As China is exploring space at a faster pace, Europe is expecting expanding cooperation with China.
Hoping for a better future career, many European astronauts have begun learning Chinese, and showed great interests in the Chinese culture.
CHANTING CHINESE VERSES IN SPACE
“Looking up, I see the immensity of the cosmos; bowing my head, I look at the multitude of the world. The gaze flies, the heart expands, the joy of the senses can reach its peak, and indeed, this is true happiness,” Italian astronaut Samantha Cristoforetti tweeted in mid-October during her stay in the International Space Station (ISS), quoting from Lantingji Xu, a Chinese literature classic of the fourth century, to describe her feelings in space.
Cristoforetti is a member of the European Space Agency (ESA) working group, who speaks Chinese very well. She is responsible for liaising with her Chinese counterpart.
Cristoforetti tweeted the verses from Lantingji Xu in Chinese with translations in Italian and English, as well as three photos taken in space of China’s Bohai Bay and the view of China’s capital Beijing. The post quickly went viral.
In fact, her connections with China go beyond space. In 2019, she came to China and gave a lecture at the Beijing Institute of Technology. As the first Italian female astronaut in space, she was looked up to as a role model by the students, especially female ones, who are all future engineers.
“You are building a powerhouse for the future of aerospace engineering,” She encouraged them.
A CHINESE DRAGON LOVER
Thomas Pesquet is another ESA astronaut who has an affinity for China. He is one of the most famous European astronauts, also a major influencer on social media.
The French astronaut speaks six languages, including Chinese. On the eve of the year 2021, he shared his knowledge about culture of the Chinese New Year on Twitter. “The Chinese New Year starts 12 February (in 2021 according to the traditional Chinese calendar) and is celebrated with ‘the dragon’ (in emoji), my favorite mythical creature now.”
In November 2021, Pesquet and three other astronauts aboard the SpaceX Crew Dragon, arrived at the ISS.
Pesquet was sent to the ISS for the first time in November 2016 for the Proxima mission. The next day after he took off, the Chinese manned space mission Shenzhou-11 landed. The French astronaut “crossed paths” with two Chinese taikonauts, Jing Haipeng and Chen Dong, who then recorded a short video for the ESA and especially for Pesquet, to greet his departure for the ISS.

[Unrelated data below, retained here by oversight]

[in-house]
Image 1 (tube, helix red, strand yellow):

When three Chinese taikonauts on the Shenzhou-12 mission joined the Chinese space station (CSS) in mid-June 2021, Pesquet posted a congratulatory message on the image-hosting website Flicker — “The population of humans in space grew by 43 percent … all human spaceflight is an incredibly impressive achievement, congratulations!” — with photos of China taken from space.
THE “HEAVENLY HORSE” FLYING IN SPACE
German spaceman Matthias Maurer is also an active ESA participant in Sino-European cooperation. He has been learning Chinese for years with the intention of working better with his Chinese counterparts in the Chinese station, he told Xinhua in 2018.
His Chinese name Ma Tian is chosen by himself, “which means ‘heavenly horse'” according to his Chinese teacher.
He and Cristoforetti both participated in a sea survival exercise organized by the Astronaut Center of China in 2017, the first joint training of Chinese and foreign astronauts together in China.
Maurer said China has a lot of advantages such as its own rockets, capsules and a space station. “I want to participate in both European and non-European experiments there. Also (to) build a live video connection so that the European public can talk with the European astronauts in the CSS and see inside,” Maurer said.
Training and living with 16 other Chinese astronauts, he felt like “being part of a family.”
“I would expect to do any type of work and take the same responsibility as any Chinese astronaut in CSS,” he said, noting that the cooperation is a “win-win.”
Maurer is a believer in the strength of cooperation for the future of space activities. “Once we look beyond Earth orbit to the Moon or Mars, we need all the partners we can find on this planet … the more we have in the ‘family,’ the better we will become,” he has once said.